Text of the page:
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  •    Censorless Violence  
    Friday, January 13 2006 @ 10:25 PM UTC
    Contributed by: David

    The NPD Group just released it's 2005 industry report. The good news, North American sales are up 6% to $10.5 b. More peculiar is this list:

    1. MADDEN NFL 06 PS2
    4. MADDEN NFL 06 XBX
    7. MVP BASEBALL 2005 PS2
    9. NBA LIVE 06 PS2

    Anyone care to guess what's odd about the list or even what it is?

    Well, the answer is, these are the top selling games of 2005. And notice that despite the gnashing of teeth and rending of cloth, it turns out that most gamers are plenty happy with E and T games.

    Yup, that's right. Not a single murder simulator in the top 10 this year.

    A few hypothesis:

    1. The censors had their effect and steered mass market game buyers away from violent games while generally helping attract attention to the industry.

    2. Violent games are one of many thematic trends in the industry. Sort of like romantic comedies in cinema. Unfortunately, Hugh Grant will never stop making these sappy "Harry Met Sally" clones. But that doesn't mean they always sit at the top of the box office.

    3. Gamers are tired of playing violent games.

    4. There just were not really cool violent games to play last year. But these year something will come along to sate our bloodlust.


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    Censorless Violence
    Authored by: CapCom on Saturday, January 14 2006 @ 05:22 AM UTC
    Yeah, Nintendo likes to throw these numbers around: "Out of the top games sold last year, none of them were M rated."

    You might find this kind of odd considering the stereotypes of the 18-35 male gamer - the mature gamer who can buy games with the big M. Looks like more people like to throw the skin (not to mention fairly high numbers for both PS2 AND X-box - then again, the list is pretty much dominated by PS2 titles) and other sports games than they like to shoot pedestrians and the undead. Maybe we'll have to change it to the 18-35 male who likes football. Looks like games are turning mainstream. Maybe that's also why EA is the largest independent company - they own Madden, which will sell a million copies every year for minor upgrades.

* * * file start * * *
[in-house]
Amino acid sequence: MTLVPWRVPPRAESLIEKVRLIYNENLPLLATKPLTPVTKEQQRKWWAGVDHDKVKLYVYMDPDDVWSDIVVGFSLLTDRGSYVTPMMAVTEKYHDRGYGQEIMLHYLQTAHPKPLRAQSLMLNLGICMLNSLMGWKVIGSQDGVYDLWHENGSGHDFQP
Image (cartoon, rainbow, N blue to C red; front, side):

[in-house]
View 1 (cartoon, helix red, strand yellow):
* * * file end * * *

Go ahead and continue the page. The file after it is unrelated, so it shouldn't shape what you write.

The thing is, the M games dominate the popular media because it's easy to get shocked at violent games, so it's something the media can latch onto. It's not easy to get shocked at guys playing football because well, that's what guys are expected to do. What I'd like to know is how many are playing online...

    And maybe those M games just don't appeal to that large an audience because people would rather do something other than kill things... Like I don't know, play a good old sports game with their buds? I keep saying co-op is the way of the future...

    More odd...

    Star Wars Battlefront II was only released in November and it's no. 6?

    Also (and not surprising)...

    No X-box 360 games on the list :P

    "Until next time..."
    Captain Commando
    [ Reply to This ]
    This Numbers are Sick
    Authored by: eben on Monday, January 16 2006 @ 10:20 PM UTC
    Market forces don't make good art. They don't really make good anything; they simply make things more standard, more popular (populist?) more quickly and more cheaply. So what do these numbers mean to me?

    Well, they simply confirm the fact that the videogame industry is more interested in producing numbers than quality videogames.

    Why are we, as the diasporic, critical arm of the videogame medium, ( I like to call this 'simula' cause it kind of rhymes with 'cinema'. C'mon! Everyone say it now, 'simula: the medium of interactive gaming' Damn it people, say it with me or those Scandanavians will coin everything!) ...why are we subject to the tyranny of these infernal statistics? Why must we regard the demographic homunculi- that sniveling bunch of fraggers - as truth- if we ourselves are the exception?

    Our job is to keep our ear to the ground, (not to industry-furnished statistics) and our eyes to the sky because the next big revolution isn't going to be new stats for the same players and a few more polygons. It will be a fundamental challenge to the (poorly) established genre conventions and codes existing today. It will come from someone or some group of individuals interested in making videogame history, not videogame revenue.

    As Chris Kohler so eloquently put it, "This game are sick." Yeah, I've seen it before; it's called the number bug. If you ignore it, you won't get infected.
    [ Reply to This ]
  • This Numbers are Sick - Authored by: CapCom on Wednesday, January 18 2006 @ 06:36 PM UTC
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